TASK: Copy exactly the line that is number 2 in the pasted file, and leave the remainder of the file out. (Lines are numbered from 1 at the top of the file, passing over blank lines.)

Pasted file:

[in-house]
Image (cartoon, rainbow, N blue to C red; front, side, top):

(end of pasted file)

Image (cartoon, rainbow, N blue to C red; front, side, top):